Why China's baby policy won't spur a boom

Joseph Foudy
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China's one-child policy may be a grand statement on its commitment to strengthen the Chinese economy, but the country will need more than just a policy change to stimulate consistent growth.
By Joseph Foudy
With the abandonment of the one-child policy, China is turning a page in its recent history. While a big policy change for the country of more than 1.3 billion people will no doubt change demographics, it is not likely to have much economic impact.

Since 1979, when the policy was introduced, China has averaged nearly 10 percent annual GDP growth. In that year, China was a poor rural and agrarian society struggling to recover from decades of economic mismanagement under Mao. It faced agricultural, social and economic challenges as its population continued to grow.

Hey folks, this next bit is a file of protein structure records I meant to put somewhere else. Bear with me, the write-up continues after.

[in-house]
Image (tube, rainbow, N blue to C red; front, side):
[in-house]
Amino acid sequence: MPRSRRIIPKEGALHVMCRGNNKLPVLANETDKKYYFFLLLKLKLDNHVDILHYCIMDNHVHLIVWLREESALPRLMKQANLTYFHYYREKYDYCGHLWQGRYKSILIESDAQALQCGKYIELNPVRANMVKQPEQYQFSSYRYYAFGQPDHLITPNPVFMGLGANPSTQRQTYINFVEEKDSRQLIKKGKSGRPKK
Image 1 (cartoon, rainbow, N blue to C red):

Now, with the end of the one-child policy, China is facing a pivotal moment of change as a country. China is now seeing a decline in its working-age population, facing a decrease in its growth rates and finding a need to transition to a consumption-based, innovation economy from one based on investment and exports. To understand why China has ended the policy, just look to the repeatedly asked question: "Will China get old before it gets rich?" The question suggests a false tradeoff, but reflects the reality that China's working-age population is set to fall over the next few decades cutting into growth.

Read more as published on CNBC.

Joseph Foudy is a Clinical Associate Professor of Economics.